“I enjoy using Paperbark Smoke Oil in ordinary sauces like hollandaise or mayonnaise as it offers a much more interesting flavour. I’ve also made fantastic smoked chocolate ice cream or smoked crème anglais” says Australian celebrity chef, Benjamin Christie.

We invite you to visit our online store for Paperbark Smoke Oil and other authentic Australian products and we welcome anyone to submit recipes using our ingredients.

Packaged in a 150ml spouted bag Paperbark Smoke Oil is easily ordered through our online storeand shipped around the world or ordered through our global distribution network for food service sales.

Paperbark Smoke Oil Recipes

Asparagus with Paperbark Smoke Hollandaise
Feta cheese marinated with Paperbark Smoke Oil
Kalamata Olives enhanced with Paperbark Smoke Oil
Marinated mushrooms with Paperbark Smoke Oil
Mashed Potato with Paperbark Smoke Oil
Seeded Mustard with Paperbark Smoked Oil

Heart Foundation Australia Classic Golf Day

Heart Foundation Australia Classic Golf Day

Heart Foundation Australia Classic Golf Day 1The Heart Foundation of Australia recently approached Benjamin Christie to be a part of their Heart Classic Golf Day on Thursday 16th November 2006 which will be held at one of Australia’s most prestigious courses, The Lakes Golf Club.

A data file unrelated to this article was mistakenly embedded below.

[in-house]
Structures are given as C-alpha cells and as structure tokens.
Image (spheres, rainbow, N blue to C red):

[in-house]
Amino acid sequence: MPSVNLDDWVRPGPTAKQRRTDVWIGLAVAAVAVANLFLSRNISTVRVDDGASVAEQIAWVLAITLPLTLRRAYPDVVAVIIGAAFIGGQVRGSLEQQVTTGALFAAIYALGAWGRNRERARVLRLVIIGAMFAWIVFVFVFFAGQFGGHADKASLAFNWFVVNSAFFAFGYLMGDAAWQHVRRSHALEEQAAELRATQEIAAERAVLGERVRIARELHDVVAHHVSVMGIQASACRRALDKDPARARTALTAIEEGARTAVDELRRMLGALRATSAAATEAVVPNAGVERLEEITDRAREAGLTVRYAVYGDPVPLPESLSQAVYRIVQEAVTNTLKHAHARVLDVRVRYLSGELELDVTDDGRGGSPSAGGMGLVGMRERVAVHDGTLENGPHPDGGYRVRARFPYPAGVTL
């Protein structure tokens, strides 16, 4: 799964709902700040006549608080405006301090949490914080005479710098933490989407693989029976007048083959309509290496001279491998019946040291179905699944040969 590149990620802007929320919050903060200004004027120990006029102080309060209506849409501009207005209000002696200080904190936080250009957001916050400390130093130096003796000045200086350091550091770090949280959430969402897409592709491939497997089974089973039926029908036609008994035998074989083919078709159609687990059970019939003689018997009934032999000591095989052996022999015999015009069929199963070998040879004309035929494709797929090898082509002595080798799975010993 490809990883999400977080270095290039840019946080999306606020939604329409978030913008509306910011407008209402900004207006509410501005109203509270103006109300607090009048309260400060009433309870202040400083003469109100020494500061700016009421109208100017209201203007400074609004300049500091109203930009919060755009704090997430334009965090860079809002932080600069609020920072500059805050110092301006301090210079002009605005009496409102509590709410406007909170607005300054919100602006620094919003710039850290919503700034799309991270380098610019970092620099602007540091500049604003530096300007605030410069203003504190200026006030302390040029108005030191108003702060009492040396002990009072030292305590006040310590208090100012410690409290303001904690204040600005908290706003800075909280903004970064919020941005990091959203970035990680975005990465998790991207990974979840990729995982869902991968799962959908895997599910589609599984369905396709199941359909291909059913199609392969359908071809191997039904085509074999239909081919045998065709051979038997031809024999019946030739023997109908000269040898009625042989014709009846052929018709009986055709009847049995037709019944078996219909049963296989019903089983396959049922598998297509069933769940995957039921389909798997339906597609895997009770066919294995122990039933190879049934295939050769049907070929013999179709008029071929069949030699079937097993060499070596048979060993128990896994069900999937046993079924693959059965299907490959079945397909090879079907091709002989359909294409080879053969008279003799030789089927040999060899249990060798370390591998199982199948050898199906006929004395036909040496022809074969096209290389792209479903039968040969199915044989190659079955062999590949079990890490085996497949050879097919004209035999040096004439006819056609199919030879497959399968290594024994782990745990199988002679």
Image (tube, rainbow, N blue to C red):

The day is designed to provide an excellent opportunity for businesses to profile themselves within Australia, entertain key clients or as a networking opportunity to build new business contacts – whilst raising much needed funds for the Heart Foundation.

After the Heart Classic Golf Day, a Grand Auction Dinner will be held to raise funds. Benjamin has offered a prize to have him in your home creating a personalised 3-course menu featuring Australian native flavours for 8 people.

This is a great Christmas gift or corporate gift, whilst raising much needed funds for The Heart Foundation of Australia.

For more information about this exclusive event, promotional opportunities and hole sponsorship please visit the Australian Heart Foundation.

The Heart Foundation is Australia’s leading heart health charity and is funded almost entirely by donations and bequests. Over 50 percent of the Heart Foundation’s income is from bequests alone. Cardiovascular disease (heart, stroke and blood vessel disease) is the leading cause of death and disability in Australia, or 38% of all deaths. Around 3.67 million Australians are affected by cardiovascular disease and 1.10 million Australians are disabled long-term by cardiovascular disease.